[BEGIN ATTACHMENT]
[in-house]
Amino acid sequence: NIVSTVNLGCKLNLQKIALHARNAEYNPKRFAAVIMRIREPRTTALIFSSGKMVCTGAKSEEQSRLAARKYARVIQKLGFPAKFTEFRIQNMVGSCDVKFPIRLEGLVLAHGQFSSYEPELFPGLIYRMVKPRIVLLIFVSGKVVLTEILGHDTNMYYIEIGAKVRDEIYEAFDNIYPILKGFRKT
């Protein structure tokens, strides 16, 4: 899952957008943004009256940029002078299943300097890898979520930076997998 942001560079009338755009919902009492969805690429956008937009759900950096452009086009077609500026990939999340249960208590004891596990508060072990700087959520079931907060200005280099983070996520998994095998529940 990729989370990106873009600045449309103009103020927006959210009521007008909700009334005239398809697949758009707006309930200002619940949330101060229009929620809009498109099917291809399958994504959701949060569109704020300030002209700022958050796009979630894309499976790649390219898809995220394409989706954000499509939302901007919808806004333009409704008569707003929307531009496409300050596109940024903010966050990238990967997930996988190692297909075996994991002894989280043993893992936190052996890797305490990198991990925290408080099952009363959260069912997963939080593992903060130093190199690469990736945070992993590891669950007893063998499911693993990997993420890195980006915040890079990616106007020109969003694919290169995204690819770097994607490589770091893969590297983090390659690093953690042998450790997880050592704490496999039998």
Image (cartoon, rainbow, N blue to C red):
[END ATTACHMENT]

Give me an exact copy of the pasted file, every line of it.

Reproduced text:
[in-house]
Amino acid sequence: NIVSTVNLGCKLNLQKIALHARNAEYNPKRFAAVIMRIREPRTTALIFSSGKMVCTGAKSEEQSRLAARKYARVIQKLGFPAKFTEFRIQNMVGSCDVKFPIRLEGLVLAHGQFSSYEPELFPGLIYRMVKPRIVLLIFVSGKVVLTEILGHDTNMYYIEIGAKVRDEIYEAFDNIYPILKGFRKT
């Protein structure tokens, strides 16, 4: 899952957008943004009256940029002078299943300097890898979520930076997998 942001560079009338755009919902009492969805690429956008937009759900950096452009086009077609500026990939999340249960208590004891596990508060072990700087959520079931907060200005280099983070996520998994095998529940 990729989370990106873009600045449309103009103020927006959210009521007008909700009334005239398809697949758009707006309930200002619940949330101060229009929620809009498109099917291809399958994504959701949060569109704020300030002209700022958050796009979630894309499976790649390219898809995220394409989706954000499509939302901007919808806004333009409704008569707003929307531009496409300050596109940024903010966050990238990967997930996988190692297909075996994991002894989280043993893992936190052996890797305490990198991990925290408080099952009363959260069912997963939080593992903060130093190199690469990736945070992993590891669950007893063998499911693993990997993420890195980006915040890079990616106007020109969003694919290169995204690819770097994607490589770091893969590297983090390659690093953690042998450790997880050592704490496999039998």
Image (cartoon, rainbow, N blue to C red):